The Bronze Age collapse was a transition in the Aegean Region, Southwestern Asia and the Eastern Mediterranean from the Late Bronze Age to the Early Iron Age that historians believe was violent, sudden and culturally disruptive. The palace economy of the Aegean Region and Anatolia which characterised the Late Bronze Age was replaced, after a hiatus, by the isolated village cultures of the Greek Dark Ages.
Between 1206 and 1150 BCE, the cultural collapse of the Mycenaean kingdoms, the Hittite Empire in Anatolia and Syria, and the New Kingdom of Egypt in Syria and Canaan interrupted trade routes and severely reduced literacy. In the first phase of this period, almost every city between Pylos and Gaza was violently destroyed, and often left unoccupied thereafter: examples include Hattusa, Mycenae, and Ugarit.
The gradual end of the Dark Age that ensued saw the eventual rise of settled Syro-Hittite states in Cilicia and Syria, Aramaean kingdoms of the mid-10th century BCE in the Levant, and the eventual rise of the Neo-Assyrian Empire.
Prior to the Bronze Age collapse, Anatolia (Asia Minor) was dominated by a number of Indo-European peoples: Luwians, Hittites, Mitanni, and Mycenaean Greeks, together with the Semitic Assyrians. From the 17th Century BCE, the Mitanni formed a ruling class over the Hurrians, an ancient indigenous Caucasian people who spoke a Hurro-Urartian language isolate. Similarly, the Hittites absorbed the Hattians, a people speaking a language which may have been of the North Caucasian group.
Every Anatolian site that was important during the preceding Late Bronze Age shows a destruction layer, and it appears that here civilization did not recover to the level of the Indo-European Hittites for another thousand years. Hattusas, the Hittite capital, was burned - probably by Kaskians, possibly aided by the Phrygians - abandoned, and never reoccupied. Karaoğlan was burned and the corpses left unburied. The Hittite Empire was destroyed by the Indo-European speaking Phrygians and by the Semitic speaking Assyrians. The Trojan city of Troy was destroyed at least twice, before being abandoned until Roman times.
The Phrygians had arrived probably over the Bosphorus in the 13th Century BCE, and laid waste to the Hittite Empire (already weakened by defeat at the hands of Kaska), before being checked by the Assyrians. Other groups of Indo-European warriors followed into the region, most prominently the Armenians, Cimmerians, and Scythians. The Semitic Arameans, Kartvelian speaking Colchians, and Hurro-Urartuans also made an appearance in parts of the region.
Bellum omnium contra omnes
Robert Drews describes the collapse as "the worst disaster in ancient history, even more calamitous than the collapse of the Western Roman Empire". A number of people have spoken of the cultural memories of the disaster as stories of a "lost golden age". Hesiod for example spoke of Ages of Gold, Silver and Bronze, separated from the modern harsh cruel world of the Age of Iron by the Age of Heroes.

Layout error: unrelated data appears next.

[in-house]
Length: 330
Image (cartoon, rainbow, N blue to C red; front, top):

In the specific context of the Middle East, a variety of factors — including population growth, soil degradation, drought, cast bronze weapon and iron production technologies — could have combined to push the relative price of weaponry (compared to arable land) to a level unsustainable for traditional warrior aristocracies. In complex societies that were increasingly fragile and less resilient, this combination of factors may have contributed to the collapse.
The growing complexity and specialization of the Late Bronze Age political, economic, and social organization was a weakness that could explain such a widespread collapse, able to render the Bronze Age civilizations incapable of recovery. The critical flaws of the Late Bronze Age were its centralization, specialization, complexity and top-heavy political structure. These flaws then revealed themselves through socio-political factors (revolt of peasantry and defection of mercenaries), fragility of all kingdoms (Mycenaean, Hittite, Ugaritic and Egyptian), demographic crises (overpopulation), and wars between states. Other factors that could have placed increasing pressure on the fragile kingdoms include piratical disturbances of maritime trade by the Sea Peoples, drought, crop failures, famine, Dorian migration or invasion.
A more speculative theory is Jaynes' bicameralism which claims that the complexity of society at this time called for a large-scale shift in human cognition, from instinctive and religious behaviour to logical reasoning. This is still a fringe theory, but has recently attracted the attention of several scholars and conferences.
Photo: Official museum replicas of statue of Suppiluliuma, eyes wide open, found lately at Tel Tayyinat mound in Hatay, Turkey.
Exploring lost civilizations of 5000 years.
Sea peoples of bronze age.